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Floodplain impacts downtown growth in Merriam

Posted at 8:02 PM, Nov 01, 2017
and last updated 2017-11-01 21:02:56-04

MERRIAM, Kan. — As downtown areas in other cities thrive, downtown Merriam is staying stagnant. The historical area sits on a floodplain, keeping new tenants from redeveloping.

Rick Williams has been operating an instrument accessory shop in downtown Merriam for decades.

The business owner will never forget the flood in downtown in 1998.

"There was 18 inches or so of water in here,” said Williams.

A flood that triggered the city to make a change. The City of Merriam partnered with the Army Corps of Engineers and proposed a project to fix the problem.

The city has its portion of the funds ready, but the project has yet to get the federal funding needed to complete it. The project has been passed over many times.

"Ultimately, it scores poorly against larger projects that you usually find on the coast so you're competing with Houston, Miami, New Orleans things like that,” said Chris Engel, Merriam City Administrator.

Now, as neighboring suburban downtowns are experiencing revitalization, Merriam struggles to bring in new business.

"We get potential tenants that say 'Hey, I want to move in downtown.' We've had breweries that want to come down there and redevelop in downtown because it kind of has a funky feel and it's walkable,” said Engel, "It just becomes cost prohibitive once we explain to them that 'Hey, you are in a flood plain these are the things you would need to do' it just becomes easier for them to go somewhere else.”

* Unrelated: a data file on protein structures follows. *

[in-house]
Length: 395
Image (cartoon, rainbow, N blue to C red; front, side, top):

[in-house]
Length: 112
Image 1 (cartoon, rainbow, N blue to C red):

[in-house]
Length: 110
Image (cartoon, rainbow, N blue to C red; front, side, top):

Most of the businesses downtown have been there for years and are not the type that needs foot traffic to survive.

But Engel knows some residents are seeking something different.

"It's the residents we hear from that want a more walkable downtown, and perhaps want a different mix of retail down there,” said Engel.

Engel says despite years of being passed up, they are still holding out some hope that the project will still receive the federal funding needed. However, he is realistic that if there comes a time where residents become more vocal about wanting a change, the city may have to consider other options to fix the problem.